Chikungunya in South America
What is the current situation?
In December 2013, French Guiana reported locally transmitted cases for the first time in South America. Local transmission means that mosquitoes in the area have been infected with chikungunya and are spreading it to people.
Local transmission of chikungunya is now being reported in other countries in the South America. As of November 7, 2016, the following South American countries have reported cases of chikungunya:
CDC recommends that travelers to the South America protect themselves from mosquito bites. Some travelers may be more likely to get chikungunya, have severe disease, or be at higher risk for other reasons. CDC advises travelers in high-risk groups to discuss their travel plans with their health care provider. These groups include the following:
- People who have arthritis
- People with serious underlying medical conditions (such as high blood pressure, heart disease, or diabetes)
- People older than 65
- Women who are late in their pregnancies, because of the risk to babies born at the time their mother is sick
- Long-term travelers, including missionaries and humanitarian aid workers and people visiting friends and relatives
- People who might have difficulty avoiding mosquito bites, such as those planning to spend a lot of time outdoors or staying in rooms without window screens or air conditioning.
Learn more about chikungunya.
What can travelers do to prevent chikungunya?
There is currently no vaccine or medicine to prevent chikungunya. The only way to prevent chikungunya is to prevent mosquito bites. Preventing bites can be difficult, but it is important as you can get sick after just one bite. Follow these steps to reduce the chances that you will be bitten by mosquitoes during your trip.
Prevent mosquito bites:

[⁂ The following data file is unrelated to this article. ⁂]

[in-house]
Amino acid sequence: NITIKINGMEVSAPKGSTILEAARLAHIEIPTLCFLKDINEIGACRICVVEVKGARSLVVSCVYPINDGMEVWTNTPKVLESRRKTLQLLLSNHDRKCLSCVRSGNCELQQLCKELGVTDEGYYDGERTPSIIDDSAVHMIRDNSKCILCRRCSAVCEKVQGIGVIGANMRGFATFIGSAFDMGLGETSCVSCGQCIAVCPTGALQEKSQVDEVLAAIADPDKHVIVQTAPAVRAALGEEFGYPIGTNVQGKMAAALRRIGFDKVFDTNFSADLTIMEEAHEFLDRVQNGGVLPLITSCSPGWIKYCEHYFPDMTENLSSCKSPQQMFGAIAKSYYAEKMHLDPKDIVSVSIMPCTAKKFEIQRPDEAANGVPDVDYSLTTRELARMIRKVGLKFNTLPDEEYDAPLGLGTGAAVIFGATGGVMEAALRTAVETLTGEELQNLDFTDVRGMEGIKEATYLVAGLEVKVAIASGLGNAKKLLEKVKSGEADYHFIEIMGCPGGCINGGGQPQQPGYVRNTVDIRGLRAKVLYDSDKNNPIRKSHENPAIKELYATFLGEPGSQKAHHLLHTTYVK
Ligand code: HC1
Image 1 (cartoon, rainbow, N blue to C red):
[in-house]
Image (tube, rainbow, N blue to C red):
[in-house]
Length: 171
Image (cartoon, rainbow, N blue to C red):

- Cover exposed skin by wearing long-sleeved shirts, long pants, and hats.
- Use an appropriate insect repellent as directed.
- Higher percentages of active ingredient provide longer protection. Use products with the following active ingredients:
- Picaridin (also known as KBR 3023, Bayrepel, and icaridin)
- Oil of lemon eucalyptus (OLE) or PMD
- 2-undecanone (methyl nonyl ketone)
- Always follow product directions and reapply as directed:
- If you are also using sunscreen, apply sunscreen first and insect repellent second.
- Follow package directions when applying repellent on children. Avoid applying repellent to their hands, eyes, and mouth.
- Treated clothing remains protective after multiple washings. See the product information to find out how long the protection will last.
- If treating items yourself, follow the product instructions carefully.
- Do not use permethrin directly on skin.
- Use permethrin-treated clothing and gear (such as boots, pants, socks, and tents). You can buy pre-treated clothing and gear or treat them yourself:
- Stay and sleep in screened or air conditioned rooms.
- Use a bed net if the area where you are sleeping is exposed to the outdoors.
If you feel sick and think you may have chikungunya:
- Talk to your doctor or nurse if you feel seriously ill, especially if you have a fever.
- Tell them about your travel.
- For more information about medical care abroad, see Getting Health Care Abroad and a list of International Joint Commission-accredited facilities.
- Use acetaminophen or paracetamol to treat fever and pain.
- Get lots of rest, and drink plenty of liquids.
- Avoid spreading the disease by preventing more mosquito bites.
- Avoid Bug Bites-Information for travelers
- Chikungunya Fact Sheet
- CDC Chikungunya Website
- CDC responds to Chikungunya in the Americas
- Insect Repellent Use and Safety
- Prevent Chikungunya on a Mission Trip
- Page created: July 30, 2014
- Page last updated: November 07, 2016
- Page last reviewed: November 07, 2016
- Content source: